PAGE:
In the early days of the agency, he says, “eighty per cent of the assignments were for newspapers, we rushed around doing any jobs in London the papers didn't have a photographer to do”.
Six years ago, like many bigger news organisations, Barcroft Media moved into video with a £50,000 loan spent on post-production equipment and cameras. He says: “We ran around shooting lots of video” – but few clients wanted to buy it, so the TV gear was mothballed.
The real growth in the agency started around four years ago – surprisingly, as a result of the UK media downturn.
Barcroft says: “About three or four years ago the assignments started to dry up and people started spending a lot less money on commissioning. We decided to start coming up with our own exclusive stories.
“Newspapers and magazines didn’t have resources to find their own exclusives any more.”
Then, three years ago, Barcroft Media moved back into TV and he says that since then the market has grown “exponentially”.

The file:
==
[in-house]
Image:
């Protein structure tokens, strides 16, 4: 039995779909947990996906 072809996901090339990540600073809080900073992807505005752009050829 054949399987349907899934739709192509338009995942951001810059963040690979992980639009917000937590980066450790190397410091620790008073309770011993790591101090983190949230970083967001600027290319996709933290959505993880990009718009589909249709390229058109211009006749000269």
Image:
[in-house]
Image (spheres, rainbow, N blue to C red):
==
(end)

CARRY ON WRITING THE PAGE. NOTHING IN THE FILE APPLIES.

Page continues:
The success has been fuelled by YouTube, and by taking a different approach to video. It has seen the agency double in size over the last three years.
Barcroft says: “We've all tried to be print journalists learning how to do TV and it just doesn't work because they are very different beasts. You have to get TV people in to help do it properly.
“You can't assume because you've got excellent journalists they'll be able to produce excellent TV. They are a different audience interested in different things.”
He says that whereas broadcast news orgnisations are producing video for TV and see YouTube as a byproduct – Barcroft tries specifically to create video content which is “shareable” online.